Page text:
Margaret (Sundance stalwart Rebecca Hall) has her life in careful order. Her sleek apartment, high-powered job, chic power suits, reliable fuck buddy – it’s all precisely crafted and, most importantly, controlled.
In the opening scene, she’s doling out advice on how to deal with a toxic boyfriend to an intern impressed by her wisdom and composure. She heads home to take care of her teenage daughter. But there are slight cracks. Her married paramour is a little too interested, her daughter a little too smothered. So when a sinister figure from her past crash-lands into her life, those cracks start to deepen and Margaret starts to unravel.
The figure is David (a menacing Tim Roth), the very sight of whom makes Margaret panic. He is someone to be feared, although in writer-director Andrew Semans’ bumpy thriller, the hows and whys are initially kept in the shadows. We know she wants him gone and we know she wants her daughter to stay well away but it takes until around 35 minutes in for us to know why.
Why is there a tooth in her daughter’s purse? Why is she dreaming of a charred baby? The grimy details are best left secret for maximum enjoyment of the film, but David was a lover, 22 years prior, when Margaret was still a teenager. He wielded an unusual, chilling power over her and now he’s back to see if she can still be kept under his spell.
When it’s working, there’s something horribly effective about Resurrection, a horror-tinged thriller that tries doubling as a drama about the long-term effects of abuse. David was able to trap an 18-year-old Margaret in a sadistic relationship, making her do things she would have otherwise balked at, creating a fragile yet intoxicating delusion where real world rules had no place.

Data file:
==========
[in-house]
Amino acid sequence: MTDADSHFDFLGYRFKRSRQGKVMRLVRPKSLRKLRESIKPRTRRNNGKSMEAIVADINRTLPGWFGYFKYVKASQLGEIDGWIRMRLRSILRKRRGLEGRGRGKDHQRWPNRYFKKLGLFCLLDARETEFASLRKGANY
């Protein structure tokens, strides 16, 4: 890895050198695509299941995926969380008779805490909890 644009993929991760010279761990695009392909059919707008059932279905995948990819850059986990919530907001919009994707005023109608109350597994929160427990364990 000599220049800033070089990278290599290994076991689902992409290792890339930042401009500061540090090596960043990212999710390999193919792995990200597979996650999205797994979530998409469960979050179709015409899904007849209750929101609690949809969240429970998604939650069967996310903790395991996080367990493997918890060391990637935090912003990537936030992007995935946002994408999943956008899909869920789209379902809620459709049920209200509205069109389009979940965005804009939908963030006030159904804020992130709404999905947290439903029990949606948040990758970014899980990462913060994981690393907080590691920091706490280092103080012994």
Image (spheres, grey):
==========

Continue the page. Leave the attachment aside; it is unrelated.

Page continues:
Anni dopo, having distanced herself from that trauma, Margaret is sucked back into that headspace, a horrifying return to a dangerous place, a nightmare she woke from now seeping into her adult life. Margaret hasn’t been able to fully process what really happened (she hasn’t told a single person about it) and with David trying to control her once again she’s a maelstrom of anger and untapped violence while, chillingly, still vulnerable to David’s unhinged charm. There’s something Haneke-like about the first half, far less opaque for sure but similarly chilly. There are also echoes of Yorgos Lanthimos’s The Killing of a Sacred Deer.
Hall, as one would expect, sells the hell out of this, bristling with fury and gripped by a fear not just aimed at David but at herself and what she might be capable of doing. It’s yet another top-of-her-game turn (a scene of her uncontrollably crying alone is truly shattering) but like her last Sundance thriller, the supernatural mystery The Night House, Hall gives more then she gets in return, a performance in a league far too high for Semans’ jumbled script to reach.
The plot falls apart faster than Hall’s character and post-reveal we’re lost in a repetitive spiral, Semans unable to build on a grim foundation. The intriguingly unpacked psychology of the first half unravels in overly simplistic terms, a character study falling apart as it transforms into a midnight movie. It has the feeling of a short film stretched beyond its limit, with all that early tension dissipating, and while there’s certainly something jolting about the gonzo violence in the finale, it’s otherwise ineffectual. Semans chooses to end on a surreal, ambiguous note, but it’s one that feels less daring and more down to a lack of better ideas.
Hall yet again is supreme, the film, yet again, meno.